Madeline BuntingIt’s that time again for another Madeline Bunting attack on humanists in the Guardian. Apparantly Gordon Brown is using religious shorthand to show moral purpose: “his government was going to be about two things – competence and serious moral purpose. It’s the latter which this son of the manse repeatedly emphasises as he refers back to the devout family background which provided his “moral compass”. He is the third consecutive Labour leader to put religion at the heart of his politics, and it’s not just a matter of leaders.

It’s a curious phenomenon that at a time when Christianity continues its steady decline in this country, religion has re-emerged as a central inspiration of political rhetoric – not as the flash-in-the-pan aberration of one individual but now well established as a convention of the centre ground, acknowledged by the Cameroons as much as by Labour. This strange afterlife of religious belief must be pretty galling to secularists and humanists.

…It is as if with the collapse of what John Gray in his new book calls the “political religions” – most significantly, communism – there is no effective alternative ethical language other than that of the Bible. The 20th-century traditions of humanism, secularism and even atheism have signally failed to develop a popular language of morality in which to describe moral character and the disciplines of responsibility, self-restraint and duty which are essential to democracy and social wellbeing. If you want to convince a sceptical, inattentive electorate of your moral purpose, you have to use the shorthand of faith.”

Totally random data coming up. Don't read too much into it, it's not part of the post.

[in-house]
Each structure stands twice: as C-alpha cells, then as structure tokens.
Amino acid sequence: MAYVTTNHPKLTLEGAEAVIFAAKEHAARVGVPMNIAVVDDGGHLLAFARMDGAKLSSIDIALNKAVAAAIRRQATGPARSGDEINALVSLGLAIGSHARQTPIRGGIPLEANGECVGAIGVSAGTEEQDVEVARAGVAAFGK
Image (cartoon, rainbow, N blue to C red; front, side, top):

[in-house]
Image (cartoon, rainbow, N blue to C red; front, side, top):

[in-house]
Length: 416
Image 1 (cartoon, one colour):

Hmm.. talking about a ‘moral compass’ and ‘soul’ is hardly putting religion at the centre of politics now is it (more like a desperate attempt at rebranding)?

So what if we still employ language with religious roots? Meanings change and it’s be pretty odd if we threw away our cultural roots suddenly. So for example, when when we talk about charity today most of mean something slightly different than the original biblical concept. Ideas like ‘spirituality’ still are useful to a humanist like myself. None of these indicates a failure of humanism any more than co-opting pagan festivals indicated a failure of Christianity.

What’s important is that non-religious basis of ethics, whether it’s rights, utilitarianism or the Kantian moral imperative (which have been developed by the religious as much as the non-religious) have replaced literal obedience to holy books.

And so what if Gordon Brown is personally religious? As long as people don’t assume that one or any religion is the only way to live a good life.

Environmental Humanism in Guyana

Guyana's Kaituer Falls

Environmental Humanism Guyana is a humanist organisation that seeks “to apply common sense, proactive environmental concern and a Rationalist approach for Guyana.”

It’s founder Gareth says “There’s a huge and untapped constituency for humanists, plus people who probably are humanists but just don’t know it yet, to do great things. The likes of CAFOD, Christian Aid etc do some terrific work – but we could do better. Environmental Humanism Guyana is an opportunity for humanists to actually do something, and bind us together whilst we’re at it. “

Hat tip: 21st Century Network